Behind the Gates at Old Parkland

In reporting on commercial real estate in North Texas for the past dozen years or so, I’ve seen some impressive projects—Dallas developers are among the most talented in the nation. But the first time I truly felt “wowed” was when I drove through the gates of Old Parkland a few months back. I knew, of course, that Crow Holdings had renovated the historic Old Parkland hospital at Maple and Oak Lawn avenues and moved its company to the 60,000-square-foot facility in 2008. I knew that Chairman and CEO Harlan Crow had also renovated a former nurses quarters on the site… Full Story

Diabetes: A Growing Threat

Michael Kelly found himself in an emergency department with unbearable shoulder pain. Tests revealed a more serious problem: out-of-control diabetes. The 50-year-old Kelly, who works part-time for a Dallas pest-control company, knew he was diabetic a decade earlier. But he lacked health insurance to treat it consistently, so he just lived with it. “I would see a doctor once every blue moon when I had money or I had no choice,” he says. “But I didn’t have money for test strips [for blood glucose] or to eat right. The cost is astronomical.” Kelly was referred to the Diabetes Health and… Full Story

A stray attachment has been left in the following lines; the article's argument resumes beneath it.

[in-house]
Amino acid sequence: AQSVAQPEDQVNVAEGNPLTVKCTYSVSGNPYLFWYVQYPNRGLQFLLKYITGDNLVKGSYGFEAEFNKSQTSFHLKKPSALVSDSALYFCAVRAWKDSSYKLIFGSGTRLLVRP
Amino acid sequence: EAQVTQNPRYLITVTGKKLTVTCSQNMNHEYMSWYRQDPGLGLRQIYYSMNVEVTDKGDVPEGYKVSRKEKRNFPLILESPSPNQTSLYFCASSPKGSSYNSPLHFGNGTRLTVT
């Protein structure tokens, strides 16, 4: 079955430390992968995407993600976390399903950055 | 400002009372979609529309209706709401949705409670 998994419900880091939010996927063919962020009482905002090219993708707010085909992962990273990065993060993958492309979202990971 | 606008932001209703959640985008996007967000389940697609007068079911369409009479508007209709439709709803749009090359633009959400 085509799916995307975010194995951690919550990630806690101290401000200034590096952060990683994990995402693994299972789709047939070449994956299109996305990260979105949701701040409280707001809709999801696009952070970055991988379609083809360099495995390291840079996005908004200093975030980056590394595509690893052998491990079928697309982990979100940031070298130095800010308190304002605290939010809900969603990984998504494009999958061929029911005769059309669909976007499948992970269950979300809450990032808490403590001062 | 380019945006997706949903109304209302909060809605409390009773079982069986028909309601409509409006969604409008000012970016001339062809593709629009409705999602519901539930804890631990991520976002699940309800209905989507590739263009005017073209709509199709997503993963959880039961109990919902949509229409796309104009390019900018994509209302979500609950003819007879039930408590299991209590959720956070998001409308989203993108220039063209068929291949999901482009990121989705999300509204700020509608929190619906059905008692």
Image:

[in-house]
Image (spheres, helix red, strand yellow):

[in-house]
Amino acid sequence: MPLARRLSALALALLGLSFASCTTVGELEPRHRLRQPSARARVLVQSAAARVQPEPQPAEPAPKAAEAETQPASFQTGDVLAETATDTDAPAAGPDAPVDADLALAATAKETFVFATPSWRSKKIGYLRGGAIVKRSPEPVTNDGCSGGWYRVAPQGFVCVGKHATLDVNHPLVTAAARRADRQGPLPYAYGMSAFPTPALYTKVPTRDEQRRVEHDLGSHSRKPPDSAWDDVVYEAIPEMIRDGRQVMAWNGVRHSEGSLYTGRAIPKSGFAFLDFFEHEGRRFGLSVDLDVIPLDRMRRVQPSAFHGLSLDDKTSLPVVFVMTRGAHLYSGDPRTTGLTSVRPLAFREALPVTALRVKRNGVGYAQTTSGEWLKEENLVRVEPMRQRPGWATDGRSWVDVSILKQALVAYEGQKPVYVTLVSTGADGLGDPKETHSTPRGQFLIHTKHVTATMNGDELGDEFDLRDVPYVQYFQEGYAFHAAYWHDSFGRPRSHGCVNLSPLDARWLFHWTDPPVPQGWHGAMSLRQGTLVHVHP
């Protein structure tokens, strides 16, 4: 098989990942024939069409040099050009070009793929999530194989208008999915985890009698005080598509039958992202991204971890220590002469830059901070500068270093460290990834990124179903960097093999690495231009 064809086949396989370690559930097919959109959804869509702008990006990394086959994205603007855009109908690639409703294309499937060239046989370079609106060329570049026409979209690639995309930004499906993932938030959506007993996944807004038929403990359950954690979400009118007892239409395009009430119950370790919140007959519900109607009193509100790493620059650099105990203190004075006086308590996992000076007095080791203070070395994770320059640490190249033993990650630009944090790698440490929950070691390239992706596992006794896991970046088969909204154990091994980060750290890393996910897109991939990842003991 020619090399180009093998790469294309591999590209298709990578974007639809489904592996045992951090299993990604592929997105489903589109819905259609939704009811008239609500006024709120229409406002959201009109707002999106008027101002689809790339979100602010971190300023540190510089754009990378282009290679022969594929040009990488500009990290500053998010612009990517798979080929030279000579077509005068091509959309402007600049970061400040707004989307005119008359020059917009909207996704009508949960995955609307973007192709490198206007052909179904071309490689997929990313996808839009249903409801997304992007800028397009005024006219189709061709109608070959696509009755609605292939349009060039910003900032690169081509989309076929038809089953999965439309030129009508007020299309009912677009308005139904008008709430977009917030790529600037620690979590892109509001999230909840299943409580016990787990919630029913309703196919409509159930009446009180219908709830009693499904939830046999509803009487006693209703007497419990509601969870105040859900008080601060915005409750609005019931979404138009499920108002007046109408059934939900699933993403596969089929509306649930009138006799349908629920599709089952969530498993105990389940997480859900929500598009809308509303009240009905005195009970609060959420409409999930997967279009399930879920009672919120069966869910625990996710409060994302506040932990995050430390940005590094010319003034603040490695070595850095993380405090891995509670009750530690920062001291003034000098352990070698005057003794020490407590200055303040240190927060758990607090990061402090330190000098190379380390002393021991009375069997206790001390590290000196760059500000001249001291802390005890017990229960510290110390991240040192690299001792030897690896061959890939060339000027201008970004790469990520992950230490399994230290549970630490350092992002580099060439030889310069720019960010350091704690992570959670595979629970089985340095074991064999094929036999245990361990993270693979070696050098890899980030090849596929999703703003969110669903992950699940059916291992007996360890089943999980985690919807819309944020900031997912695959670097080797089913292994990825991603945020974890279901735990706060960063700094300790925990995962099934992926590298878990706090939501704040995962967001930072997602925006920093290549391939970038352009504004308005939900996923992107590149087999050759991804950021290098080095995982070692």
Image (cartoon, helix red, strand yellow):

The Best Pediatricians in Dallas 2012

In its debut issue, D Moms presents D Magazine’s list of the area’s best doctors for children, as chosen by their peers. Here’s a look at the methodology behind the selection process, with a link to the complete roster for 2012. How does D Magazine determine which doctors make the list? Best Pediatric Specialists is a peer-review voting process. We rely on the doctors’ expertise to determine who deserves to be on the list, just like a doctor would recommend a patient to a specialist. This year, we mailed letters to 2,339 local pediatric specialists, family medicine doctors, and gynecologists/obstetricians… Full Story

The Most Interesting Neurosurgeon in the World

Someone should make a television show based on the life of Dr. Duke Samson. America would love a character like this. He’s 6-foot-2 but seems several inches taller. He embodies his name, Duke, as if one of John Wayne’s characters had grown up to be a doctor. At 69, he walks with the swagger of a West Texan, sometimes reviewing cases with a cigar in his mouth, casually calling people he’s just met Ace. His voice is deep, gentle, almost always calm and measured, but it’s often said that he doesn’t suffer fools gladly. Maybe the TV show is set… Full Story

DFW Hospital CEO Roundtable: A New Model for Healthcare

According to the late management guru Peter Drucker, being the chief executive officer of a hospital is one of the most difficult jobs in America. And with the unprecedented changes brought on by healthcare reform, the growing demand for service, a continuing squeeze on payments, and evolving technology, the job isn’t getting any easier. D CEO recently gathered together the heads of five major Dallas-Fort Worth hospital systems to discuss the challenges they face—in an economic sector that comprises about 17 percent of the local economy. Combined, these top executives oversee nearly 70,000 North Texas employees. 

Participating in the discussion were… Full Story